Good news, if you need a goat grazer, Amazon (NASDAQ:AMZN) has you covered. The world's largest online retailer has outdone itself once again, this time with the launch of Amazon Home Services -- a new feature that lets customers hire professional service providers for things such as house cleaning, furniture assembly, and lawn care directly from Amazon.com. The service is currently available in New York City, Los Angeles, San Francisco, and Seattle, though Amazon has plans to expand the service to other major U.S. cities in the coming months.
You're likely thinking, wait a minute ... isn't Amazon over-stretched as it is? Not only does the e-tailer sell everything under the sun on its namesake website, but the company has also poured billions of dollars into a myriad of other business ventures in recent years. Think: Amazon Supply (its business-to-business gamble), Diapers.com, Amazon Local, AmazonFresh, and its expensive foray into the smartphone industry to name a few.
It seems Amazon is bent on world domination. But, should investors worry that this is yet another way for the company to burn through cash? A look at Amazon's balance sheet reveals the e-tailer generated a net loss of $241 million in 2014 on sales of ... wait for it: $88.99 billion. Ouch. The company also suffered its widest quarterly loss in more than 14-years in fiscal 2014 because of its aggressive spending habit. However, Amazon's professional services gambit could end up being one of its more profitable ventures down the road.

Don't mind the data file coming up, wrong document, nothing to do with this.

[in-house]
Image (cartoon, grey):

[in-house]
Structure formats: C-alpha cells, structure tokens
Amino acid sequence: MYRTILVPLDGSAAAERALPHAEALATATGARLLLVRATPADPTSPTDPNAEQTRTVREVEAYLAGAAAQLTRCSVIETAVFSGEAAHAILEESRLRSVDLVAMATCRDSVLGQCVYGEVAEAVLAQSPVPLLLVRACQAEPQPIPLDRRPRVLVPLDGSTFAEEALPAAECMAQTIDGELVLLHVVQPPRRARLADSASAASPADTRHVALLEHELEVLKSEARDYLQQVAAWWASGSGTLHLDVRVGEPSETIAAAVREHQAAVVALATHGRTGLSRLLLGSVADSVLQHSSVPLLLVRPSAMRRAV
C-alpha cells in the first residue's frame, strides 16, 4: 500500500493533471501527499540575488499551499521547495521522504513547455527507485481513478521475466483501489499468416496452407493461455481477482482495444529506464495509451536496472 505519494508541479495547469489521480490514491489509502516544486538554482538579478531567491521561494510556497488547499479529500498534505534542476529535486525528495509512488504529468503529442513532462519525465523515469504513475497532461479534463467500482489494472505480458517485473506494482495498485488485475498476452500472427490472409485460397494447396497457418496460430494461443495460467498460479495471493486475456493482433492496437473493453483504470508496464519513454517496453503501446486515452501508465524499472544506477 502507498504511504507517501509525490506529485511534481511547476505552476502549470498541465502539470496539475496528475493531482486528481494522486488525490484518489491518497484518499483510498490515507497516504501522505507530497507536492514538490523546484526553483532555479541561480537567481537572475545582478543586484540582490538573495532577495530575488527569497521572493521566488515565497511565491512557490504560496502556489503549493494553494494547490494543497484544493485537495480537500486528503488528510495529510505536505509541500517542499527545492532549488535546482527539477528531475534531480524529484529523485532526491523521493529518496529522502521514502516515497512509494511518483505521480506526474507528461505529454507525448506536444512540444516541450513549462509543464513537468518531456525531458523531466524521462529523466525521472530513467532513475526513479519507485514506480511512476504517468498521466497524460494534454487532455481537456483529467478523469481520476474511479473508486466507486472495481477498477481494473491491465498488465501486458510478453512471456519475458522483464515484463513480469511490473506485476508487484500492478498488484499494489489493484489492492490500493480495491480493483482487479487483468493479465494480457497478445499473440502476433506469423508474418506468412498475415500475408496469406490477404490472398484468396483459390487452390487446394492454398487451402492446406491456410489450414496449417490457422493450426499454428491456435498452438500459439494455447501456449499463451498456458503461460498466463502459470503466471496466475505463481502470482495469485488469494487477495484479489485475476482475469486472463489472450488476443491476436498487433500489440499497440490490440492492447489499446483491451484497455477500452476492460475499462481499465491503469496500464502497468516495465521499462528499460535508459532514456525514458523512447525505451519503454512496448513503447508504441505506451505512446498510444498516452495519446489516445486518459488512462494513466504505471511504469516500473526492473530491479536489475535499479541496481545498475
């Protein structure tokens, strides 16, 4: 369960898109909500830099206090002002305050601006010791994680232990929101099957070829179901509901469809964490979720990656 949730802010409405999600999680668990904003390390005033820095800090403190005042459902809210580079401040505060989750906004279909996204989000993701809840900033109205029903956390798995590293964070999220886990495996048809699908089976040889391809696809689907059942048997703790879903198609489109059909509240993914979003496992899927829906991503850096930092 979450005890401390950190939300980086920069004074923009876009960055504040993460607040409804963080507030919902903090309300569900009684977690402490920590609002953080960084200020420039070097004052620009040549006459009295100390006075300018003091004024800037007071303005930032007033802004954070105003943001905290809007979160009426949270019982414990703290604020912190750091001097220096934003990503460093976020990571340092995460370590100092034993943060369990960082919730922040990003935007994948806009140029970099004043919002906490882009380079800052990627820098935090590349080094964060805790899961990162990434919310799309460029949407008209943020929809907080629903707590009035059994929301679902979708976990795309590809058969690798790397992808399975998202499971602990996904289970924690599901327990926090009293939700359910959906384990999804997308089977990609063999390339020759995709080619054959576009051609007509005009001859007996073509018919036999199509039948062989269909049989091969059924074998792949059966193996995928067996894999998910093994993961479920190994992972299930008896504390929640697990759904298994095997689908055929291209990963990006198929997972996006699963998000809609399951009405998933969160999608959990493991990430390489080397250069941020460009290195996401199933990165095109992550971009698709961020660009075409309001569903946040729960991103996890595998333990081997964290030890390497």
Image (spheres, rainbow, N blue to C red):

Why Amazon Home Services is different
For starters, there's no shortage of opportunity in this space. In fact, the home services market in the U.S. is estimated at around $500 billion today, according to Gene Munster of Piper Jaffray. Therefore, it's easy to see why Amazon wants a piece of this increasingly lucrative pie.
Linking its customers up with specialized service providers is also nicely aligned with Amazon's core business. For example, if you purchase a wall mount for a television on Amazon.com, the e-tailer might also recommend adding home services to your cart in which a local service provider would come to your home to install the mount.
Additionally, because Amazon is simply taking a 10% to 20% commission on the cost of the service rendered, there aren't significant overhead costs as is the case with other Amazon ventures. Moreover, tens of millions of Amazon Prime members already trust the e-tailer for most of their online shopping. Therefore, selling these customers on-demand services backed by Amazon's happiness guarantee seems like a no-brainer. Staying true to its roots of offering consumers the best possible value, Amazon will also let the service providers compete for a customer's business based on price and availability. So this is clearly a win for consumers. But what about investors?
Spoiler alert: Amazon Home Services shouldn't have a meaningful impact on the company's bottom-line any time soon. It will take time for Amazon to scale this offering, as it is not yet available in many markets. In fact, Wedbush Securities analyst Michael Pachter estimates the service will contribute less than 1% to Amazon's revenue next year. Once again, it seems Amazon is asking investors to be patient with its investment choices. Nonetheless, this could prove to be one of the e-tailer's smarter attempts at world domination.